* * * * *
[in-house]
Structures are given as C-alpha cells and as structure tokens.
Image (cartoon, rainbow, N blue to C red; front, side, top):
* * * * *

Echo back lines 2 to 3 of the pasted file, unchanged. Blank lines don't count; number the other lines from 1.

Structures are given as C-alpha cells and as structure tokens.
Image (cartoon, rainbow, N blue to C red; front, side, top):